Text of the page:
Surely Jonah’s conscience was pricked but he was determined to ignore the question. So God turns to circumstances again (4:6). This plant did not just grow up. God prepared it. Some say this plant was a cucumber, the KJV calls it a gourd, the NIV has ‘vine’, but the Jerusalem Bible’s suggestion that it was a castor-oil plant is very appropriate! Whatever it was, it provided shade, and Jonah was very attached to it. For the first time in a while he is very happy. But he is thoroughly selfish happiness.

So God sent a worm which destroys the plant (4:7). Things went from bad to worse, and Jonah gets sunstroke (4:8). God’s sovereignty is total – over the dice (1:7) and the worm (4:7). It is Jesus who tells us that the hairs of our head are numbered, and not one sparrow falls to the ground apart from our heavenly Father’s will (Matt.10:29-30). The Lord is chastening His rebellious servant. In some Muslim countries the punishment for a crime committed while a scorching east wind is blowing may be reduced. Jonah was exceedingly uncomfortable, and preferred death to life.

God then returns to the verbal rebukes, but Jonah remains a stubborn coot (4:9). God is now prepared to give it to him straight.

People matter more than plants

This issue is raised in the last two verses (4:10-11). Jonah has become so centred on himself, so full of bitterness and self-pity that his values have become distorted. Jonah has had more pity for this ephemeral ‘son of a night’, a plant here today and gone tomorrow, and has no concern for the immortal souls of his fellow human beings. Remember Shylock’s speech in The Merchant of Venice?:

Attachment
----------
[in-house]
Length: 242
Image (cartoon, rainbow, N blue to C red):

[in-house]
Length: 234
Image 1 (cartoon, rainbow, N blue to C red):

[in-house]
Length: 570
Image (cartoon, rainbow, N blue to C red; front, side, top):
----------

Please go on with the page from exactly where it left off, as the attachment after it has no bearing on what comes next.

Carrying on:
Hath not a Jew eyes? Hath not a Jew hands, organs, dimensions, sense, affections, passions, fed with the same food, hurt with the same weapons, subject to the same diseases, healed by the same means, warmed and cooled by the same winter and summer, as a Christian is? If you prick us, do we not bleed? If you tickle us, do we not laugh? If you poison us, do we not die?

People go nutty over all sorts of transient things – their pets, their clothes, their sport, gardening, anything. And they forget that they rub shoulders with people who will spend eternity in heaven or in hell. There is a distortion of values. I used to live near a fellow who had a sticker on his car: Whaling is murder. Murder? What about abortion, the deliberate killing of unborn children?

Jonah watered his little plant, talked to it, and kissed it goodnight, all the time waiting for God to send fire and brimstone on Nineveh. So God says: ‘If you, Jonah, are so filled with pity for this plant, should I not pity Nineveh with its population of 120,000, who have been created in My image? Where are your values, Jonah?’ God is compassionate (Ezek.33:11; Matt.9:36; Luke 15:10).

Better to fall into the hands of the living God into Jonah’s hands. How did Jonah accept this rebuke? The book does not directly answer that question. Instead, God finishes the book with a question about God’s compassion for sinful human beings. But I think that we can assume that Jonah went home with a job to do – to write his autobiography, which tells of God’s love for the lost, and His desire for our sanctification.